K-function

For the k-function, see Bateman function.

In mathematics, the K-function, typically denoted K(z), is a generalization of the hyperfactorial to complex numbers, similar to the generalization of the factorial to the Gamma function.

Formally, the K-function is defined as

$K(z)=(2\pi)^{(-z+1)/2} \exp\left[\begin{pmatrix} z\\ 2\end{pmatrix}+\int_0^{z-1} \ln(t!)\,dt\right].$

It can also be given in closed form as

$K(z)=\exp\left[\zeta^\prime(-1,z)-\zeta^\prime(-1)\right]$

where ζ'(z) denotes the derivative of the Riemann zeta function, ζ(a,z) denotes the Hurwitz zeta function and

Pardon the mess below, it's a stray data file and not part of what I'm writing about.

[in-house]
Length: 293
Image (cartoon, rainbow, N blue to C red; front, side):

$\zeta^\prime(a,z)\ \stackrel{\mathrm{def}}{=}\ \left[\frac{d\zeta(s,z)}{ds}\right]_{s=a}.$

Another expression using polygamma function is[1]

$K(z)=\exp\left(\psi^{(-2)}(z)+\frac{z^2-z}{2}-\frac z2 \ln (2\pi)\right)$
$K(z)=A e^{\psi(-2,z)+\frac{z^2-z}{2}}$
where A is Glaisher constant.

The K-function is closely related to the Gamma function and the Barnes G-function; for natural numbers n, we have

$K(n)=\frac{(\Gamma(n))^{n-1}}{G(n)}.$

More prosaically, one may write

$K(n+1)=1^1\, 2^2\, 3^3 \cdots n^n.$

The first values are

1, 4, 108, 27648, 86400000, 4031078400000, 3319766398771200000, ... ((sequence A002109 in OEIS)).